It’s time to celebrate the good in the world so Fairtrade Australia New Zealand (ANZ) is excited to be working with our partners to promote Fairtrade and our quest for fairness during Fairtrade Fortnight (6-19 August).
As interest in ethical consumerism grows, Fairtrade continues to support shoppers to make sustainable purchasing decisions. For Fairtrade Fortnight in 2021, this has resulted in the development of some great collaborations including a prize (for both Australia and New Zealand) of a year’s worth of Ben & Jerry’s ice-cream and San Churros giving away 20,000 coffees to its members.
“We are excited to see our suppliers, like Aldi and Woolworths, really showing off their Fairtrade connections and our wonderful licensees are also out and proud about supporting Fairtrade and why it’s important,” said Molly Harriss Olson, CEO of Fairtrade ANZ.
“Fairtrade is really committed to the idea of making the world fairer for everyone – that means we support farmers to be paid fairly for their products, but we also support a system that is fairer for the environment, for children and for women,” she said.
“Fair-washing is rife at the moment, so we want to make sure that people know about how our robust system works and why it’s life changing for all the people who are part of it.”
Fairtrade International is an independent non-profit organisation representing 1.7 million small-scale farmers and workers worldwide. You can tell a product that’s Fairtrade certified by the mark on the packaging which looks like a farmer waving.
The Fairtrade journey starts with the farmers and workers in developing countries who form cooperatives. If they decide they want to become Fairtrade certified, they go through a process where they have to agree to meet a range of standards around governance, working conditions, environmental management and gender equality. Fairtrade supports them to meet these standards.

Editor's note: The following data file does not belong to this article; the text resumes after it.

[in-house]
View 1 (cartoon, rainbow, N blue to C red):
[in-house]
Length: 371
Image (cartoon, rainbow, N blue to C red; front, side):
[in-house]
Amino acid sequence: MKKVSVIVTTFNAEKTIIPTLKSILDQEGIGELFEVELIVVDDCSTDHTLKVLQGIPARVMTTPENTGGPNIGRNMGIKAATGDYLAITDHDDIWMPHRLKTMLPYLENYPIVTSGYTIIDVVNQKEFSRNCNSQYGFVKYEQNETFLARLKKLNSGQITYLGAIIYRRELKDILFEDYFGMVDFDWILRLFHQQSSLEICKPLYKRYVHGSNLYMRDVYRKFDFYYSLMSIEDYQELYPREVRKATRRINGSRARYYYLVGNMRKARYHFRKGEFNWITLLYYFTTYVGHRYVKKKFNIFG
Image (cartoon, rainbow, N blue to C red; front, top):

Once certified, the cooperative/producer organisation can trade all over the world but anyone buying Fairtrade products must agree to pay (at least) the Fairtrade Minimum Price (FMP). This price is set by Fairtrade based on what the farmers need to be paid a living wage and is often much higher than the market price. For example, for coffee, the FMP has been higher than the market price for most of the last five years (except this year, when the market price has soared because of supply issues).
In addition to the FMP, the producers also receive another sum of money called the Fairtrade Premium. This money doesn’t go directly to individual farmers but instead goes to the cooperative and the whole community decides together how that money should be spent. This includes projects like wells for drinking water, hospitals and farming equipment.
Fairtrade continues to work with producers after they are certified to encourage product improvement and development as well as ongoing support in areas of fair pay, gender equality and sustainability.
Fairtrade Australia New Zealand works directly with local businesses who sell Fairtrade products, and to increase awareness of Fairtrade in both Australia and New Zealand. We also work with farmers in our region, especially PNG, Timor Leste and Fiji.
“Ultimately, if more people support Fairtrade products like chocolate, coffee, flowers and cotton then whole communities benefit. We’re here to tell you that small decisions can make a big difference,” says Ms Harriss Olson.